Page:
Primitivism is an art movement that imitates or borrows materials from non-Western or prehistoric cultures. It was primarily a stylistic movement in early 20th century art, e.g., Paul Gauguin's use of Tahitian motifs in paintings, but also involved musicians and choreographers. Stravinsky's The Rite of Spring is a prime example of musical Primitivism.

The Rite of Spring is a ballet and orchestral concert work Stravinsky wrote for the 1913 Paris season of Sergei Diaghilev's Ballets Russes company. The premier caused a near-riot due to the avant-garde music and choreography. Although originally conceived as a ballet score, The Rite of Spring went on to achieve greater recognition as a concert piece for orchestra. It's also one of the most influential works of the 20th century and a compendium of twentieth century music techniques. Even though a pivotable work in the style of Primitivism, Stravinsky never again wrote in this style.

Kiss to the Earth, 1912 | Nicholas Roerich (1874–1947) | Nicholas Roerich Museum | Set design for The Rite of Spring

The subtitle of The Rite of Spring is Pictures of Pagan Russia in Two Parts. And, obviously, it draws inspiration and material from ancient Russian folklore. The scenario of the Rite is a series of rituals celebrating the arrival of Spring, selection of a maiden as a sacrifice and her sacrifice by dancing to death. The entire work takes about thirty-five minutes to perform and flows continuously without pauses between sections. We'll listen to Part One, The Adoration of the Earth. Part Two, The Sacrifice, is available on the video if you continue watching beyond 14:15. Part One consists of three sections: Introduction, Omens of Spring—Dances of the Youths and Maidens, and Ritual of Abduction.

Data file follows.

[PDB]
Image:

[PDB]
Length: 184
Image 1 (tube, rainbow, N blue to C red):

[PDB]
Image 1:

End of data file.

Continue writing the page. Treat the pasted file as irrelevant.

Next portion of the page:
The Rite begins quietly with a Lithuanian folk song played in the high register of a bassoon:

As the Spring awakening unfolds, solos and choirs of wind and brass instruments join in, thickening the texture, increasing tempo and eventually building to a chaotic mass of sound. At the height of momentum, the peaceful opening theme returns with the bassoon. After the bassoon solo an ostinato motive is played by pizzicato violins, acting as a bridge to the next section, Omens of Spring—Dances of the Youths and Maidens:

Omens of Spring—Dances of the Youths and Maidens begins with throbbing dissonant chords punctuated by French horns and changing accents:

The throbbing dissonant chords are soon joined by a new motive in the bassoon section:

The oboes, flutes and trombones follow, imitating the bassoon motive at an increasingly frenzied pace. The pulsating tempo suddenly stops and French horns call out sustained tones while fortissimo timpani strokes and loud tubas explode. Ostinato patterns dance and multiply and, eventually, a new lyrical motive appears in the French horn and flute sections:

A new theme is sounded in the trumpet section:

The trumpet theme is repeated by various instruments and fragmented, all within a long crescendo and layering of orchestral sounds. The third section, the Ritual of Abduction, commences with sudden tympani blows followed by fast-note trumpets fanfares at breakneck speed with changing meters and accents. There are no strong melodic motives in the Ritual but, instead, it focuses on brutal rhythms, shifting accents and instrumental color and texture. The section ends with chord accents and violin and flute trills.

The Rite of Spring (Le sacre du printemps) | Igor Stravinsky | Part 1 (0:00-8:15): Introduction, Omens of Spring—Dances of the Youths and Maidens and Ritual of Abduction


Primitivism, The Rite of Spring, Neoclassicism